MARKETING TECHNOLOGY INSIGHTS - Feb 15 - Catherine Cook Connelly, the co-Founder and VP Brand Strategy at The Meet Group spoke at the Mobile Growth Summit 2019 this week. Her session is about how they built Live, their live streaming video feature and why it works so well for their portfolio of apps. "It is the most successful product we have ever launched in the company's history, reaching a $71M annualized revenue run rate in just 15 months of being active," she said.
Q: What was behind your decision to build Live?
A: From watching MOMO and other popular Chinese dating apps, we began to see how live streaming can fill a core product gap in dating apps. We've always thought of our apps as the neighborhood bar, and video is the live entertainment meant to keep people engaged and give them something more to talk about. Our apps - LOVOO, MeetMe, Tagged, and Skout - have ~25M minutes of live video every day, and we have not experienced cannibalization of our core text-based chat. Instead, live video fills the product gaps.
Q: Did you have a monetization model in mind prior to its launch?
A: Yes, we used the monetization model popularized in Eastern live streaming apps that rely on viewers to send gifts to the broadcaster. The model has taken off with our users because streamers have an incentive to make interesting streams. We're introducing new products such as Battles, which brings an exciting competitive dynamic to Live. The feature brings together two live streamers for a live competition, whether it be for best dancer, musician or comedian. Each battle lasts just a few minutes, and the winner is the streamer who earns more diamonds from the audience. On a larger scale, we expect to bring Levels to the platform this year. Levels adds a gamification element to Live by establishing aspirational ranks for users and exclusive benefits to unlock.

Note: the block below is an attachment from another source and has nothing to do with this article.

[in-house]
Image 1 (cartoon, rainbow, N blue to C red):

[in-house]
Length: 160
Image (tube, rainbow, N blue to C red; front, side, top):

Q: It seems like being a "live streamer" is now a formal occupation that can be quite lucrative… can you discuss this phenomenon as you are seeing it unfold firsthand?
A: A few of our streamers have said they plan to quit their jobs or have taken a step back from their previous job to build themselves up as streamers. 20% of our streamers consider themselves full-time live streamers.